Fined Millions for Underfunding Schools, State Sues Districts for Raising Money

     SEATTLE (CN) — Despite a state supreme court-ordered fine of $100,000 a day for underfunding schools, Washington’s top education official sued seven school districts this week, claiming the local taxes they use to fund basic education are unconstitutional.
     State Superintendent of Public Instruction Randy Dorn sued school districts in Seattle, Spokane, Tacoma and elsewhere on July 16 in King County Court.
     Superintendent of Public Instruction is an elected office in Washington.
     Dorn describes the lawsuit as a sort of bank shot: He says local tax levies “enable() the
     Legislature to evade its duty to amply fund education.” The local taxes also cause wide salary variations between school districts and allow wealthy districts to pay teachers more.
     The lawsuit stems from the 2012 state supreme court ruling in McCleary v State, in which the court found that the state has not complied with its constitutional duty “to make ample provision for the education of all children in Washington.”
     “The Court further held that ‘[a]mple funding for basic education must be accomplished by means of dependable and regular tax sources’ and that local levies were not dependable and regular tax sources,” Dorn says in the lawsuit, citing McCleary.
     Despite the McCleary ruling, litigation of the issue continues, with more than 50 briefs, reports, amicus filings and supreme court orders — many of them taking the state to task for its continued failure to comply with the state constitution and supreme court orders.
     For almost a year, the court has fined the state $100,000 a day for not making progress on the funding goal.
     Dorn says in the new lawsuit: “Despite the court’s holding, the state and local school districts continue to rely on local levies to fund basic education, including supplemental pay for teachers. They are able to do so because local school districts were not defendants in McCleary and are not constrained by its holding. Local school districts, of which the named defendants are examples, are using their local levies to increase salaries through the use of supplemental contracts for time, responsibility, or incentives (‘TRI’) which can add as much as 46 percent to the salary of a classroom teacher. These supplementary salaries, while likely consistent with the quality and quantity of work performed and the local labor market, are illegal under Washington law. The action of local districts in raising levies to fund these supplemental contracts enables the Legislature to evade its duty to amply fund education, and these concerted state and local actions violate Article IX of the state constitution.”
     The complaint adds: “The [state] Supreme Court has held that ‘ample funding’ requires that the state pay 100 percent of the cost of basic education because local excess levies are variable — not ‘regular and dependable.'”
     Dorn said in a statement: “This is not a step I want to take. But four years after McCleary v. Washington, the Legislature has failed to provide adequate education funding and it has failed to create an equitable funding system.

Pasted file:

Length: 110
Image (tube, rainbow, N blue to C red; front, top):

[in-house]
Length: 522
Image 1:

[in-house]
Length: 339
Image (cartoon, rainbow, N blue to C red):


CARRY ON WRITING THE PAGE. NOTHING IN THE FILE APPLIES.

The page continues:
“Teacher pay varies widely from one district to the next, often even neighboring districts. Wealthy districts have their pick of the best teachers by offering them better pay for the same work. It must stop.”
     Several defendant school districts, not surprisingly, blasted Dorn’s lawsuit as counterproductive.
     “While the goal of this action appears to force the Legislature to take action and fully fund education, we strongly disagree with the singling out of seven districts through a lawsuit as an appropriate approach,” the Bellevue School District said in a statement.
     The Puyallup School District added: “We are disappointed that our district will be spending resources provided by our voters to defend the Puyallup School District in this legal action. … The Puyallup School District uses levy dollars to support student learning, co-curricular activities, athletics, and the arts. The district operates with full transparency and clarity with our community.”
     Seattle Public Schools said its district negotiates “fair, competitive wages to attract and retain quality educational professionals. We will continue to locally support and promote student achievement while we wait for the Legislature to fully fund education and fulfill their duty.”
     The problem is not peculiar to Washington. Built-in inequities of school funding have been addressed by litigation in virtually all 50 states, with important rulings coming particularly in Michigan and Texas.
     Because property taxes are the primary source of local school dollars in the United States, wealthy districts can raise more money with lower tax rates than poor districts, whose higher tax rates produce fewer dollars to spend on schools. Some states have tried to “solve” this by redistribution formulas, in which local districts send money to the state capital, which redistributes it. But the inequities remain.
     The system perhaps is best explained in school reformer Jonathan Kozol’s 1991 book “Savage Inequalities,” which, despite being 25 years old, describes the U.S. school funding system as it still exists today. The system has merely become more complicated.
     Dorn seeks declaratory judgment that school district tax levies in excess of 20 percent are unconstitutional and an injunction prohibiting the use of local levies to fund supplemental teacher pay.
     He is represented by Michele Radosevich with Davis Wright Tremaine.
     The other defendant school districts are Evergreen and Everett.

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